Sleep wasn’t much of an option for me last night thanks to a few factors. The first was Maddie’s oxygenation study. I was determined everything would read correctly, so I was up constantly making sure the monitor was reading correctly. I don’t think I’ve checked on her breathing more since the first night she came home from the hospital. The monitor malfunctioned about four times during the night…I thought I was going to go insane. Alarms would start going off as if her heart stopped beating. They are so loud, I jumped out of my skin every time. The good news is, when the monitor was working correctly, her saturation was in the 90’s.
The other reason I didn’t sleep well was thanks to our new roommates. A four month old boy was brought over from the Pediatric ICU, and his mom was not happy about it. She didn’t like that she’d have to stay with her son all the time, since in ICU, the nurses provide all the care. Before he was moved, she and the baby’s grandmother came over to check out the room, and they pretty much freaked out by how laid back things are on the floor. The mom told the grandmother that she’d have to stay with the baby because she ‘wasn’t prepared to.’ The grandmother was easily 76. Once he was brought in, the grandmother was totally overwhelmed. At one point, his medicine pump was beeping, and not only could she not hear it, she didn’t know that a beeping machine was a bad thing. It was a mixed blessing when the mom stormed in at midnight with a big suitcase and an even bigger chip on her shoulder. I felt so bad for the nurse we were sharing. She had to do everything for the boy. I was up feeding Maddie, and he started to cry. The mom heaved a huge sigh, got out of bed, and came over to the crib where her son was laying. She started to console him when the nurse walked in. The mom said, “oh good, you’re here,” and laid back down in her bed, leaving her baby crying in the crib. The nurse and I looked at each other like, “what the heck?” and then the mom said, “I think he’s in pain. Can you give him some morphine or something? Thanks.” And then literally rolled so her back was facing us. I’ve never met someone more put out by her own child, and this is L.A.
Luckily for me, my mom and Mike came at 7 am so I was able to get a solid hour of sleep before all the fun started. At 8 am, Mr. 5 O’clock from the pulmonary lab came in to get Maddie’s monitor. He said it would take at least an hour to download the night’s results. We kept our fingers crossed that he didn’t have anywhere to go. When a resident finally came by to tell us the results, we were really antsy. She said, “the results were abnormal. The doctor will be by to speak with you,” and then she walked out. Seriously, I am going to start a clinic for improving bedside manner. So many residents lack tact.
Dr. Lung came in and said that Maddie’s oxygenation study showed that when she sleeps, she dips into the 80’s. since we want her to be above 90, that’s not good. I questioned the results, since the monitor Maddie was on would sound an alarm whenever Maddie’s blood oxygen level hit 90. Dr. Lung said that the monitor was super sensitive and picked up things the alarm wouldn’t have. What.Ever. She said that she wanted Maddie to be on oxygen when she sleeps at night, and that she was going to order home oxygen for Maddie as soon as she left our room. We scheduled follow up appointments with the pediatrician (loooove) and Dr. Lung for tomorrow and next week, respectively. Then we waited for the resident to discharge us. That always takes forever. The SECOND they told us we could leave, we grabbed our things and ran. Oh, and we grabbed Maddie, too.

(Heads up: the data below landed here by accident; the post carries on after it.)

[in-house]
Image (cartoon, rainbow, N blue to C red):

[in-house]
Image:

When we got home, Mike told me to listen to the answering machine messages from yesterday. There was a message from a home medical supply company asking me to call back. I assumed they were calling about the nebulizer equipment that we rent from them, since they check in from time to time. When I called, they asked for confirmation of our address and insurance information, and told me that Maddie’s oxygen tank would arrive sometime today. I asked about the message from the day before, and the woman said that the only reason she was calling was because of the oxygen. And then it occurred to me – Dr. Lung ordered Maddie’s oxygen yesterday, BEFORE Maddie’s oxygen study. That deceptive beeyotch!
I’ve been trying not to get mad about this. I know that Dr. Lung is one of the best pediatric pulmonologists around. I just wish she was more forthcoming. If she’d just said, “Maddie is small, she has BPD and possibly chILD, and I would feel better if she was on oxygen at night,” I would have accepted that. I don’t know, maybe I have created this relationship with her by questioning everything she says. On the other hand, if I didn’t ask what she was doing, what kind of parent would I be? I guess I just have to make sure I ask in a better way, maybe less accusatory. We’re on the same team and all of that.
We were pretty much stuck at home waiting for her oxygen tank to arrive. Not that we would have been going to a theme park with her or anything. We were expecting small tanks on wheels, but instead the delivery man wheeled in a HUGE tank, at least five feet tall. It has to be in a permanent stand, so we set it up in Maddie’s room. That means she will be sleeping in her own crib from now on. Mike and I don’t really feel ready for this, but she was getting a little too tall to sleep in the bassinet anyway. I have a feeling one of us will be sleeping on the floor in her room. The helicopter parenting has already started!